Distribution statistics are one of the most important sources of information that the Query Optimizer uses to determine a good query plan. In this post, I’m not going to tell you everything about distribution statistics. I’m just going to show you a few tricks for getting access to the statistics.
If you want a deeper understanding of what the statistics keep track of, and you don’t have any of my SQL Server Internals books handy, check out this whitepaper: Statistics Used by the Query Optimizer in Microsoft SQL Server 2008
Microsoft does provide us a tool called DBCC SHOW_STATISTICS for examining the distribution statistics.
Microsoft has gradually been making more of the more of the old DBCC commands available as DMVs, even some undocumented ones. For example, one of my favorites, DBCC IND, has now been replaced in SQL Server 2012 by sys.dm_db_database_page_allocations.
I have been wishing for several versions that Microsoft would make the DBCC SHOW_STATISTICS information available as a DMV. But it hasn’t happened yet, and I’m tired of waiting, so I decided to do something about it.
My solution is not quite as easy to use as a DMV might be, but it allows you to get the information that DBCC SHOW_STATISTICS provides into a set of three tables that can then be saved into a more permanent location of your choice, and/or queried as desired.
DBCC SHOW_STATISTICS returns three sets of information, with different columns in the output, so three different tables are needed. The DBCC SHOW_STATISTICS command can be called with an argument that specifies that you just want one of the three sets returned. The options are
WITH STAT_HEADER – returns basic info such as last update date, and number of rows in the table/index. Also reports number of steps returned for HISTOGRAM section.
WITH DENSITY_VECTOR – returns density info for each left-based subset of columns in the index. For example, an index on (lastname, firstname, city) would have a density value for (lastname), for (lastname, firstname), and for (lastname, firstname, city). Each density value is a single number representing the average number of occurrences and depends on the number of distinct values. For example, if there are only 2 possible values in the column, the density would be 0.5. Multiplying density by the number of rows in the STAT_HEADER section would give the average expected rowcount if a query was executed looking for an equality on the specified column(s).
WITH HISTOGRAM – returns a set of ordered values from the first column of the index, creating a histogram. This histogram provides the optimizer with selectivity information for specific values or ranges of values in the first column of the index.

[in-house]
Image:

To collect this info, I will use one of my favorite tricks, which is to create a table in the master database with a name starting with sp_. (I’ve written about this trick several times, including in this earlier blog post.) Once I have the table(s) created, I can access them from any database. So here are the three tables:
IF (SELECT object_id('sp_stat_header')) IS NOT NULL
DROP TABLE sp_statsheader;
CREATE TABLE sp_stat_header
( Name sysname,
Density numeric (10,9),
IF (SELECT object_id('sp_density_vector')) IS NOT NULL
DROP TABLE sp_density_vector;
CREATE TABLE sp_density_vector
( all_density numeric(10,8),
columns nvarchar(2126) );
IF (SELECT object_id('sp_histogram')) IS NOT NULL
DROP TABLE sp_histogram;
CREATE TABLE sp_histogram
( RANGE_HI_KEY sql_variant,
The second trick is to use INSERT … EXEC to execute a DBCC statement and populate the tables. I will build the DBCC command dynamically, after capturing the schema, table and index names in variables. You of course could take this code and turn it into a stored procedure, for which the schema, table and index names are passed as parameters. I’ll use as an example a table in the AdventureWorks2008 sample database, just so you can try running the code, and I can verify that it actually works!
I will use the table Sales.SalesOrderDetail and the index IX_SalesOrderDetail_ProductID. So the object name (@oname) is SalesOrderDetail, the schema name (@sname) is Sales, and the index name (@iname) is IX_SalesOrderDetail_ProductID.
SET NOCOUNT ON;
DECLARE @oname sysname, @iname sysname, @sname sysname
SELECT @oname = 'SalesOrderDetail', @sname = 'Sales', @iname = 'IX_SalesOrderDetail_ProductID'; TRUNCATE TABLE sp_stat_header;
-- Update the object name to include the schema name, because that is the format the DBCC command expects
SELECT @oname = @sname +'.' + @oname;
INSERT INTO sp_stat_header
EXEC ('DBCC SHOW_STATISTICS(['+ @oname + '],' + @iname +') WITH STAT_HEADER');
TRUNCATE TABLE sp_density_vector;
INSERT INTO sp_density_vector
EXEC ('DBCC SHOW_STATISTICS(['+ @oname + '],' + @iname +') WITH DENSITY_VECTOR');
TRUNCATE TABLE sp_histogram;
INSERT INTO sp_histogram
EXEC ('DBCC SHOW_STATISTICS(['+ @oname + '],' + @iname +') WITH HISTOGRAM');
So now you can look at the values collected and filter or query in any way, or use SELECT INTO to save them into another table, so the sp_ tables can be used the next time you want to capture distribution statistics information.
SELECT * FROM sp_stat_header;
SELECT * FROM sp_density_vector;
SELECT * FROM sp_histogram;
Let me know if you find this useful, and especially if you embellish it to create a procedure or an automated process of your own!